Today I’m returning, probably for the last time, to the public policy questions surrounding today’s wiretapping technology. Thus far in the series (1, 2, 3, 4, 5, 6, 7, 8) I have described how technology enables wiretapping based on automated recognition of certain features of a message (rather than individualized suspicion of a person), I have laid out the argument in favor of allowing such content-triggered wiretaps given a suitable warrant, and I have addressed some arguments against allowing them. These counterarguments, I thnk, show that content-triggered wiretaps be used carefully and with suitable oversight, but they do not justify forgoing such wiretaps entirely.
The best argument against content-triggered wiretaps is the risk of abuse. By “abuse” I mean the use of wiretaps, or information gleaned from wiretaps, illegally or for the wrong reasons. Any wiretapping regime is subject to some kind of abuse – even if we ban all wiretapping by the authorities, they could still wiretap illegally. So the risk of abuse is not a new problem in the high-tech world.
But it is a worse problem than it was before. The reason is that to carry out content-triggered wiretaps, we have to build an infrastructure that makes all communications available to devices managed by the authorities. This infrastructure enables new kinds of abuse, for example the use of content-based triggers to detect political dissent or, given enough storage space, the recording of every communication for later (mis)use.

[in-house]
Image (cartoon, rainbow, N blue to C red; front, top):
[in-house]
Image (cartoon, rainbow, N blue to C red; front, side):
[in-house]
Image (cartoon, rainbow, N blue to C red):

Such serious abuses are not likely, but given the harm they could do, even a tiny chance that they could occur must be taken seriously. The infrastructure of content-triggered wiretaps is the infrastructure of a police state. We don’t live in a police state, but we should worry about building police state infrastructure. To make matters worse, I don’t see any technological way to limit such a system to justified uses. Our only real protections would be oversight and the threat of legal sanctions against abusers.
To sum up, the problem with content-triggered wiretaps is not that they are bad policy by themselves. The problem is that doing them requires some very dangerous infrastructure.
Given this, I think the burden should be on the advocates of content-triggered wiretaps to demonstrate that they are worth the risk. I won’t be convinced by hypotheticals, even vaguely plausible ones. I won’t be convinced, either, by vague hindsight claims that such wiretaps coulda-woulda-shoulda captured some specific badguy. I’m willing to be convinced, but you’ll have to show me some evidence.